Volume 3 of R U S does not only feature Russian artists but musicians from Ukraine and Belarus alike. As a progressive thinking artist, I was not surprised about this line-up. Tracing the relationships of these nations with western eyes I must admit it did astonish me. Was it something special to you to gather this array of artists jointly on a single release?

I think no because we are all brothers. In that case, we have special departments of Raw Russian: Raw Belarusian and Raw Ukrainian, with only Belarusian and only Ukrainian underground musicians.

Are there any musical differences regionally, like certain sounds that are fashionable specifically in one place, for example, Ukraine, and add to the diversity of the Underground Sadness compilation, or does it depend rather on the individuality of the music makers?

I think that the more southerly a musician is, the more house music prevails in his music, and the more northerly he is, the more ambient his music is. Just a little observation.

On June 20, 2021, Raw Russian released a new sampler of another series. Russian Girls Like Raw Vol. 2 is the second compilation, entirely consisting of female native producers and musicians with their unique vision of a modern Russian sound. A song on the self-titled EP by unraw is called the anger of white straight man. Is it generally distinctive for the label to be outspoken about social issues and support such causes?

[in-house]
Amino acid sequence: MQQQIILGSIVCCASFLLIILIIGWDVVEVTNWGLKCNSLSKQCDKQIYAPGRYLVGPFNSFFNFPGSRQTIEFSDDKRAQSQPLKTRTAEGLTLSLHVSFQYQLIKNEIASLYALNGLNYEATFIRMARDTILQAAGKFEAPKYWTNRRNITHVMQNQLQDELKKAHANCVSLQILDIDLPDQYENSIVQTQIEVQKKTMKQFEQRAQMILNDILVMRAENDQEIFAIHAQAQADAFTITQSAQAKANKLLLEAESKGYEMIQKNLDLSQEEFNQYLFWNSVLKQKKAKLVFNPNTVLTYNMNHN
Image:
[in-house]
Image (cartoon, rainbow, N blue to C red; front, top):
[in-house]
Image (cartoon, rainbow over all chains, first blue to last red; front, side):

We always support to women producers and musicians. So, this is the main reason and idea for the RGLR series. Unraw’s EP is more like a gift to a passed friend, I do not think he put any meaning into the names of his tracks, rather it is a stream of consciousness.

Traditionally the provided music based on electronic beats is widely suitable for dancing and relaxing in a calm atmosphere. Live shows are just getting started again in clubs around the world. Are you excited about it? Will Raw Russian and its artists be taking part in public events when it is possible soon?

I hope that in one day we will bring our masks off and will dancing at the clubs like we do in the past.

As the last point: What can fans expect of Raw Russian in the future? Where can people listen to the music for the first time and how can the label be supported?

I think you must start with our Bandcamp page: Music | Raw Russian (

And then try to check out our special Spotify playlist: Raw Russian – playlist by Raw Russian | Spotify